Google eyes hypegasm fuel cells for 'whole data center'
Could the Googlenet run on Vodka?
As Bloom Energy officially unveiled its much-hyped solid oxide fuel cell server - a "parking space"-sized device that converts air and fuel into electricity - Google co-founder Larry Page said the company hopes to eventually run an entire data center using the technology.
"I'd love to see us having a whole data center running on this at some point - when they're ready," Page said during a press conference Wednesday announcing the Bloom Energy Server, according to CNet.
Google serves up its myriad online services from a global network of roughly 35 data centers, all custom designed. According to a presentation detailing a recent update to its data center infrastructure, the company intends to expand its network to between one million and 10 million servers, encompassing 10 trillion directories and a quintillion bytes of storage. And all this would be spread across "100s to 1000s" of locations around the world.
Bloom Energy is backed by venture-capital man John Doerr, who helped fund Google's rise from search engine to world power, and the Mountain View Chocolate Factory was the energy outfit's first customer. On Sunday, US television news magazine 60 Minutes reported that Google has been running four "Bloom Boxes" in a data center for the past 18 months, but this is a tad misleading.
A Bloom Energy representative tells us that Google is using its Bloom Energy Servers to power an office building at its corporate headquarters that contains an "experimental data center." In a video aired at Wednesday's press conference, Google indicated that its Bloom Boxes are running an "R&D center."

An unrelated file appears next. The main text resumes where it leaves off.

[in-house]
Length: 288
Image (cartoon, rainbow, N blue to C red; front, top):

Google has yet to respond to our requests for comment. But it did toss a statement at Data Center Knowledge earlier in the week. "Bloom fuel cells are powering a portion of Google’s energy needs at our headquarters right here in Mountain View," the company said. "This is another on-site renewable energy source that we’re exploring to help power our facilities."
Bloom Energy says its devices provide 100 kilowatts (kW) of power "in roughly the footprint of a parking space," and you can see Google's quartet of devices in the 60 Minutes piece. Google is using natural gas with the boxes, but the Bloom Energy says the devices can convert "nearly any fuel source," including natural gas, ethanol, biogas, sun, wind, or even, well, Vodka.
eBay is using biogas with the five boxes it's testing at its corporate headquarters in San Jose. The online auction house installed the devices nine months ago, opting for biogas made from landfill waste. eBay chief executive John Donahoe says the units provide about 15 per cent of the power on its campus.
Judging from Larry Page's comments, the boxes are still very much in the testing stage. Speaking with 60 Minutes, Bloom Energy founder K.R. Sridhar said that three weeks after installation of Google's headquarters, one of the boxes "just stopped" and that there were subsequent problems with clogged air filters. Sridhar indicated that the latter problem could be solved by "turning the system around."
While working at NASA in the 90s, Sridhar produced a system designed to produce oxygen for life on Mars, and after NASA's Mars mission was scrapped, he reversed the system - pumping oxygen into it - to produce his fuel cell. Oxygen and fuel combine within the cell to produce electricity.
The pitch is that the units - made of thousands of flat ceramic fuel cells - will provide a "cleaner" and more efficient alternative to the traditional electrical grid. The units cost between $700,000 and $800,000, and the company claims that buyers can expect to recoup the cost in energy savings in three to five years.
At the moment, the company is only selling its "parking space" units for commercial use, but it plans to sell smaller residential units in five to 10 years. ®
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